Boat docked at Lake of the Ozarks with ice floating around motor.

How to Use De-icers to Protect Boat Lifts and Docks

Protecting their boat lifts is a common worry of lake house owners and those on rivers or with large ponds. Likewise, docks and even some cabin structures can suffer ice damage. It’s no different here at Lake of the Ozarks. In fact, just two years ago, we had a severe freeze that damaged lots of boat lifts and docks.

Our subject may seem complicated to the uninitiated, and to an extent, it is. But importantly, using de-icer systems can comprehensively safeguard from ice damage to docks and boat lifts. 

The dock de-icer systems are primarily meant to ensure that ice build-up doesn’t pile up. This helps safeguard against crushing pressure on boathouse structures, boat lifts, and dock pilings. With no system to prevent this, the heaving ice floes can keep moving and piling toward the boat lifts and docks. Consequently, this can result in damage that may require extensive and expensive repairs. 

Can this be prevented? Yes. And does it have to cost a fortune? No.

The answer is installing an effective dock de-icer system that can help safeguard boat lifts and docks against incurring major ice damage. 

Why Use De-Icers to Protect Boat Lifts & Docks?

In water bodies prone to ice formation, it’s essential to prevent ice build-up around the dock pilings, boathouse, boat lifts, and docks. Things can escalate pretty quickly if a dock area is not clear of ice. And enormous damage can be caused to anything that comes in the way of massive ice floes.  

When left unchecked, the crushing pressure of ice floes may completely force pilings from their footings, which not only means expensive repairs to docks but is also a potential hazard. 

In most cases, the ice damage suffered to boat lifts and docks is because of owners’ negligence. This is precisely why it is crucial to buy or build a dock de-icer or an efficient dock bubbler system and install it before the winter season. Gather the supplies and essential components beforehand and set up the dock de-icer system around October-November to ensure you are not caught off-guard should a severe cold snap fall earlier than expected.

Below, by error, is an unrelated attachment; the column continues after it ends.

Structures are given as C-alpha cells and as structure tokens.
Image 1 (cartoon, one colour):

Ice formation is common in shallow lakes and ponds that don’t experience circulation. However, ice formation may occur in larger water bodies as early as November. It’s essential to get prepared rather than be surprised later. 

Typically, serious ice thickness won’t be consistently spread across larger lakes and ponds until December or later in the Midwest and the northern latitudes. However, rivers’ and ponds’ ice formations are sometimes unpredictable and may happen much earlier.

To protect your boat lift and dock, it’s wise to build dock de-icers or a dock bubbler system before January. Because ice formation is imminent, you would do well to install a de-icer in the fall. Otherwise, its thickness may already be well beyond your liking.

A docked boat with its propellor frozen and completely covered in ice.

Types of Ice Eaters, Dock Bubblers, and De-Icers

There are primarily two types of automatic systems to protect boat lifts and docks, or marina slips from ice damage –

  • The Dock Bubbler
  • The Submerged Thruster/Agitator

Water Agitators (Ice-Eaters)

Agitators work on the principle of drawing warm water from the water bodies’ depth to the surface through a submerged motor attached to a robust propeller working continuously. 

The warm waters at the lake or pond’s bottom maintain an ideal temperature of 4 degrees Celsius or around 39 degrees Fahrenheit. Bringing warmer water to the surface in a continuous stream through a rugged propeller keeps the formation of ice at bay, even during the peak winter temperatures.